The lid has finally blown off the pressure cooker in Cairo. And as the Director of National Intelligence is apparently just now starting to notice, there are a few more pressure cookers on the stove that are beginning to make odd noises.
Alas, in the real world there is no rewind button. So while it’s tempting to dwell on how ineptly
the President and his team have coped with the unfolding revolution in Egypt — and God knows it’s fun, given the breathtaking combination of arrogance and stupidity this administration has displayed — our nation’s security requires that we focus on the future. More precisely:
- Where are we now, in Egypt and more broadly in the Mideast?
- What is likely to happen next, and then down the road, in this volatile and vital region?
- What do we want to happen?
- How can we tip the odds in our favor?
Where We Are Now
Managing a revolution is like leaping across a chasm; it’s best to reach the other side in one hop. When the old regime falls and is immediately replaced by a popular new regime — which is what happened in countries including Poland and Czechoslovakia at the end of the Cold War — that country’s future usually is stable. But when the old regime falls and isn’t immediately replaced by a new regime capable of quickly forging a new political structure, that country’s future is up for grabs. This is what happened in Russia in 1917, when in February the Czar was overthrown and replaced by Kerensky and his (fairly decent) Social Democrats, who then fumbled in the Duma and lost control in October to Lenin and his (murderous) Bolsheviks.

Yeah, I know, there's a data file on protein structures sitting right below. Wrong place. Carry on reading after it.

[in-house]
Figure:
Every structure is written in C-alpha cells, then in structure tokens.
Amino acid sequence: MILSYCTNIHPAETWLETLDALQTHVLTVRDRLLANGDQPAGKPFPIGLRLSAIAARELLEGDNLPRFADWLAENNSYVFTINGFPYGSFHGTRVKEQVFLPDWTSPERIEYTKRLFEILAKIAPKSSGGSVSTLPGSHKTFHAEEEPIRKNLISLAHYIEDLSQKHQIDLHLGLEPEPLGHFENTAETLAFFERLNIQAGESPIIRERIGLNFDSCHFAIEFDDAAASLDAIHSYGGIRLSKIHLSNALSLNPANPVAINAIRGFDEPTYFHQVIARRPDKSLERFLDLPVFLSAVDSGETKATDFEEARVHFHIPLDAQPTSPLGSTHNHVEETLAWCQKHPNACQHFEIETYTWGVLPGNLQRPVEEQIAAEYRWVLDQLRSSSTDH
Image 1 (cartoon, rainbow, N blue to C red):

In Egypt the House of Mubarak has collapsed, and the country’s army is dutifully holding things together until a new political structure can be erected. So while the jubilation in Cairo’s Tahrir Square is understandable, Egypt hasn’t had a revolution. It’s had half a revolution, which means the country’s future is in play.
What Lies Ahead in the Mideast
In today’s world of mass communication and social networking, the uprising in Egypt is likely to spread throughout the region. Indeed, the uprising in Egypt itself was triggered, at least in part, by the recent popular uprising in Tunisia. And now there may well be popular uprisings in Jordan, Yemen, Kuwait, Saudi Arabia and perhaps Iran. There could be popular uprisings in Lebanon, Syria, and even in Gaza and the West Bank. And since information moves around the globe literally at the speed of light, it wouldn’t be surprising to wake up one morning, turn on the television, and see scenes of mass unrest in Havana. (And if we do see a popular uprising in Cuba, wouldn’t it be nice if the CIA got its act together — fast — and tossed a few banana peels under the Castro brothers’ feet….)
In short, we have suddenly entered one of those rare moments in history when the world is about to be remade.
Source: American Thinker